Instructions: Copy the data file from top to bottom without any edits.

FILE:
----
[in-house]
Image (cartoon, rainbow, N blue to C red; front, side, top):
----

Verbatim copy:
[in-house]
Image (cartoon, rainbow, N blue to C red; front, side, top):